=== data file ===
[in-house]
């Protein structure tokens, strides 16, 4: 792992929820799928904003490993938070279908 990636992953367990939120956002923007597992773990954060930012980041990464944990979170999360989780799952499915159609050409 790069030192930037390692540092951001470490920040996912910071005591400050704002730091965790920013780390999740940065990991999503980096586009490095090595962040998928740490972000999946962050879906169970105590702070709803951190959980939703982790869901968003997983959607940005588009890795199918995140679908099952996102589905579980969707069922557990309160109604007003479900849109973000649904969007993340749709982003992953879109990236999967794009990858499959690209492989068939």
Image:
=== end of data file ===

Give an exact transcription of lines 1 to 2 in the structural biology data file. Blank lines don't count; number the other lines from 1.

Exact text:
[in-house]
């Protein structure tokens, strides 16, 4: 792992929820799928904003490993938070279908 990636992953367990939120956002923007597992773990954060930012980041990464944990979170999360989780799952499915159609050409 790069030192930037390692540092951001470490920040996912910071005591400050704002730091965790920013780390999740940065990991999503980096586009490095090595962040998928740490972000999946962050879906169970105590702070709803951190959980939703982790869901968003997983959607940005588009890795199918995140679908099952996102589905579980969707069922557990309160109604007003479900849109973000649904969007993340749709982003992953879109990236999967794009990858499959690209492989068939």